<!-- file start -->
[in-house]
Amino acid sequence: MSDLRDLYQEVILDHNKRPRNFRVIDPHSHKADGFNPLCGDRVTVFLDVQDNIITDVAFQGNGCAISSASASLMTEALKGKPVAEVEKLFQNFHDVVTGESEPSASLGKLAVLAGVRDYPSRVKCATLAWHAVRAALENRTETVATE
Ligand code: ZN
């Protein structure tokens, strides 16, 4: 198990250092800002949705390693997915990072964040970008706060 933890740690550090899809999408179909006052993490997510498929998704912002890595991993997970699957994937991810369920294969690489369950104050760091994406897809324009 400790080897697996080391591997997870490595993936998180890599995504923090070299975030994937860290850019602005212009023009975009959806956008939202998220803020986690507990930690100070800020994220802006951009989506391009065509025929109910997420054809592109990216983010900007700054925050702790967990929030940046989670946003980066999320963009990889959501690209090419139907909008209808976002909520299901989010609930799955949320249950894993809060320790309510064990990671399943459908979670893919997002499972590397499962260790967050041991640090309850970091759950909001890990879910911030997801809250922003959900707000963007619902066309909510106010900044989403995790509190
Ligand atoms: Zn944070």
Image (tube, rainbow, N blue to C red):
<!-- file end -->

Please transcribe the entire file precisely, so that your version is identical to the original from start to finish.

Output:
[in-house]
Amino acid sequence: MSDLRDLYQEVILDHNKRPRNFRVIDPHSHKADGFNPLCGDRVTVFLDVQDNIITDVAFQGNGCAISSASASLMTEALKGKPVAEVEKLFQNFHDVVTGESEPSASLGKLAVLAGVRDYPSRVKCATLAWHAVRAALENRTETVATE
Ligand code: ZN
């Protein structure tokens, strides 16, 4: 198990250092800002949705390693997915990072964040970008706060 933890740690550090899809999408179909006052993490997510498929998704912002890595991993997970699957994937991810369920294969690489369950104050760091994406897809324009 400790080897697996080391591997997870490595993936998180890599995504923090070299975030994937860290850019602005212009023009975009959806956008939202998220803020986690507990930690100070800020994220802006951009989506391009065509025929109910997420054809592109990216983010900007700054925050702790967990929030940046989670946003980066999320963009990889959501690209090419139907909008209808976002909520299901989010609930799955949320249950894993809060320790309510064990990671399943459908979670893919997002499972590397499962260790967050041991640090309850970091759950909001890990879910911030997801809250922003959900707000963007619902066309909510106010900044989403995790509190
Ligand atoms: Zn944070």
Image (tube, rainbow, N blue to C red):